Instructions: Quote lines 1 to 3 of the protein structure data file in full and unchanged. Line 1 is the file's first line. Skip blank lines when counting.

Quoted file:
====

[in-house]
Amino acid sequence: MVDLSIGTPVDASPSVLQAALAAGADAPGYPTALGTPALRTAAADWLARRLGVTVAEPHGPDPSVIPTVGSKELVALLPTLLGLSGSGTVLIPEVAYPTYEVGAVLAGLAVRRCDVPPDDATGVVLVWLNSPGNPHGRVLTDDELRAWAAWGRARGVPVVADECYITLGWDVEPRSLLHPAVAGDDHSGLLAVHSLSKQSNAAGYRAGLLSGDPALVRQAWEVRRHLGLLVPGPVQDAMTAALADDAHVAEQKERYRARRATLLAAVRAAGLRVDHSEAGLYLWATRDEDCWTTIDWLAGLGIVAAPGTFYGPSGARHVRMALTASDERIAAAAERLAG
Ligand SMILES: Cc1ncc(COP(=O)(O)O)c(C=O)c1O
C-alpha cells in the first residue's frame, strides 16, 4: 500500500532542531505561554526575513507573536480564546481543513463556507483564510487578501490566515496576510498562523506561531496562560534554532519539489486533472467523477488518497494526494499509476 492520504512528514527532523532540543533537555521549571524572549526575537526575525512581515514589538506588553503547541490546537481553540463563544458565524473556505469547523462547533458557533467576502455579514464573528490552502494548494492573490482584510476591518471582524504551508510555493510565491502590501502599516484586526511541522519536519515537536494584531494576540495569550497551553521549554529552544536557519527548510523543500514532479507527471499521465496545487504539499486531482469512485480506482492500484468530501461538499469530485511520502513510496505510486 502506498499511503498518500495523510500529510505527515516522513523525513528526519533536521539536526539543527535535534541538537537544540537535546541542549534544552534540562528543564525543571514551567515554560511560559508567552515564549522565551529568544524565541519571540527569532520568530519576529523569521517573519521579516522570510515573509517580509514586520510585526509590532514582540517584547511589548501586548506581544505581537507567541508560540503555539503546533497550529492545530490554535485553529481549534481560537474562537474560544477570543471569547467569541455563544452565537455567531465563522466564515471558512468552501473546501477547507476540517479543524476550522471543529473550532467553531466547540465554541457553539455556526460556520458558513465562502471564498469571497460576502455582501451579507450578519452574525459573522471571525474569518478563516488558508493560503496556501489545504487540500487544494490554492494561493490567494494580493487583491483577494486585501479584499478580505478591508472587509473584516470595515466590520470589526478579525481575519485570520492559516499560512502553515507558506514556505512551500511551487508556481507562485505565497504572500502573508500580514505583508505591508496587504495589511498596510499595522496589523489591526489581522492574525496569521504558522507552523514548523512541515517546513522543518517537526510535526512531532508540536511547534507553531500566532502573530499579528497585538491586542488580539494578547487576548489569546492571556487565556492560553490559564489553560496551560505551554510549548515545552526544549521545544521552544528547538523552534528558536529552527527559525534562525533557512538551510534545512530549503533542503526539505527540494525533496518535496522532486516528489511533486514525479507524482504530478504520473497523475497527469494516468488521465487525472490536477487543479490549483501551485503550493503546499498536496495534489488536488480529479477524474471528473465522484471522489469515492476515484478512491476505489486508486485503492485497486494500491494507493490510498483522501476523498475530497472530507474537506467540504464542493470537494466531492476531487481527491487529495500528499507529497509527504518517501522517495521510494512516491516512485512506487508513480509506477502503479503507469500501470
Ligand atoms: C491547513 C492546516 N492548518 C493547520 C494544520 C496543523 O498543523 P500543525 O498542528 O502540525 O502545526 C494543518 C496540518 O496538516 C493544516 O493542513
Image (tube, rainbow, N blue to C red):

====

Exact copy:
[in-house]
Amino acid sequence: MVDLSIGTPVDASPSVLQAALAAGADAPGYPTALGTPALRTAAADWLARRLGVTVAEPHGPDPSVIPTVGSKELVALLPTLLGLSGSGTVLIPEVAYPTYEVGAVLAGLAVRRCDVPPDDATGVVLVWLNSPGNPHGRVLTDDELRAWAAWGRARGVPVVADECYITLGWDVEPRSLLHPAVAGDDHSGLLAVHSLSKQSNAAGYRAGLLSGDPALVRQAWEVRRHLGLLVPGPVQDAMTAALADDAHVAEQKERYRARRATLLAAVRAAGLRVDHSEAGLYLWATRDEDCWTTIDWLAGLGIVAAPGTFYGPSGARHVRMALTASDERIAAAAERLAG
Ligand SMILES: Cc1ncc(COP(=O)(O)O)c(C=O)c1O